It seemed like not much after rolling in to bed I had to roll right back out ... but I kind of expected that these days would be a whirlwind. As someone who has battled chronic fatigue, I was in awe at just how far "I" could go (but let's be real, it wasn't my strength but Christ in me!)

I kind of failed at packing a bag for our first excursion out the day prior - I brought my camera, Bible and journal and had only remembered my water bottle after having seen someone else from our team with one before we left the hotel. (Noting for next time, having a water bottle with a clip is smart! Thanks Jacob for bailing me out that day.) Day 2, I had felt a little more prepared for what to expect or so I thought ... We needed to pack an overnight bag as this was our day further in the jungle where we would be spending an evening in the community of Indiana. A day older and wiser, I packed up my Thieves spray and TP leaving the Poopourri® behind!

We left our hotel early without breakfast and boarded the bus, then headed into the bustling streets.
As a note, the only way to get to Iquitos is by boat or plane, so cars are a very rare site there. The streets are filled with mopeds, Motos and colorful, windowless buses. It was so intriguing to watch families of three sandwiched on a moped buzzing down the streets, Mothers clutching on to their babies or toddlers. Or Mother's in the back of a Moto with their children dressed in school uniforms - I couldn't help but wonder how many were Father's driving their families before a day of work driving strangers. The streets were divided into sides, but within each lane it was a bit of a free for all, drive wherever you can fit!

We got off the bus and made our way down the streets to a small marketplace building. The inside was filled with booths of produce and women fanning themselves trying to keep cool. Once we passed through the back door, we navigated down a narrow corridor lined with tables and vendors while children wove energetically through our legs.
We arrived at the top of a staircase and as I looked out I realized where we were; we were getting ready to walk down the steep staircase over the floating planks I had seen in Pastor Adam's Facebook video during preparation for our visit to Peru.

[video of walking planks coming soon.]

We boarded the "Rapido" (speed boat) where we made an hour journey into the jungle. I held on to my hat as we rushed over the Amazon river, the cool breeze was a welcomed change from the humidity I knew we'd face once we stopped. Pastor Adam treated the team to a cracker-like snack that was made from yucca flour and many of us looked out upon the water in hopes of catching a glimpse of one of those pink dolphins!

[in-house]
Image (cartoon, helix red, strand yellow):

Picturing anacondas and who knows what else I might encounter in the jungle, I started singing worship songs to try and ease my mind and bring peace; Renée joined in with me. The motor of our boat shut off about two-thirds in to our ride, my nervousness mounted as I hadn't realized at the time it was to switch fuel. Once we arrived, our team divided among 4 or 5 Motos where we took a short drive into town and were dropped off in front of a church. A young woman came by with a plastic container and sold our team sandwiches for breakfast. Then as we followed the road just around the corner, our team sat at a small marketplace for a "traditional Peruvian breakfast" of egg-rice and chicken with an olive that was cooked in a banana leaf. We learned that the dish took two-hours time to prepare. (And was accompanied by a delicious onion salad that was made with a special jungle pepper.) Among our breakfast companions were some wandering chickens - they are poor conversationalists!
After breakfast we headed into a cramped marketplace building for a last call potty stop. (This is where having toilet paper is like having GOLD!) Most toilets in Iquitos did not have seats (does that make it a squatty potty?) and you didn't throw your TP in them ... "Flushing" often required a bucket of water. And while it may be TMI, just to describe the level of humidity, I felt like each time I had to use the restroom it took me two times longer just to get my pants up and down!

We traveled down the road from the marketplace to a soccer field with bleachers where a group of men had gathered to play in the national sport. While part of the team prepared balloons for the children's ministry, a few others went to canvas the neighborhood for children. Pastor Adam saw the opportunity for one of our guys to share their testimony with the men there. (I think most of us knew this was Jacob's appointed time!)
Despite the fact that most of the kids were in school, we had a great turn out. Taylor shared the light of God message again but this time you could see how much her confidence had grown. The kids made the torch craft from tissue paper and Popsicle sticks and played the squirt gun game. Afterwards we brought out the face-paints, fingernail polish and beach balls and just loved on the children and Mamas while the men resumed their game.